There is a growing consciousness globally of our need to do more to save the planet from irreversible global warming. Incorrect waste disposal contributes to global warming but recycling is a popular method of contesting that. When we take a closer look, however, there are growing concerns over the validity of recycling figures and whether waste plastics in recycling bins are actually even being recycled, leaving some questioning “what’s the point in recycling?”
The UK’s recycling rates are estimated to be at 44% but there are issues with the way in which these rates are calculated, with indications that this figure is overestimated by up to a third. Some countries around the world present their collected waste figures as their recycling rates, even though the waste includes garbage and unrecyclable materials, further skewing figures on recycling rates.
Another issue is that not all plastic waste put into recycling bins ends up being recycled. Up until 2018, China processed almost half of the world’s recyclable waste. From January 2018, China decided to stop this, resulting in an ensuing drastic decrease in the number of plastics recycled around the world.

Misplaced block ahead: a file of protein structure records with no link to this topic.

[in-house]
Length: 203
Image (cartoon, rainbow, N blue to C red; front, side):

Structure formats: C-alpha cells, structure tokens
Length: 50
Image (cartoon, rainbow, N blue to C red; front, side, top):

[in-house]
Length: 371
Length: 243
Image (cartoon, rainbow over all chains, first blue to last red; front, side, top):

The costs of exporting plastic waste to be recycled are increasingly deemed unprofitable by many countries. At present, 91% of plastics are not recycled; instead, they end up either in landfills or polluting our oceans.
Initiatives such as the single-use plastic ban, which would see the banning of items like disposable bottles and straws, are a great starting point. In reality, however, many of these initiatives are not significant enough to make an impactful difference. Chemical recycling presents a solution for recycling polymers that has been described as a game-changer.
At BIG ATOM, we are developing an innovative chemical process to break down plastics and tyres into their raw materials; this will allow us to turn waste back into a resource for brand new consumer products. Ultimately, BIG ATOM will close the gap between disposal and manufacturing, establishing a Circular Economy, in an effort to ensure that our recycling efforts are not made in vain.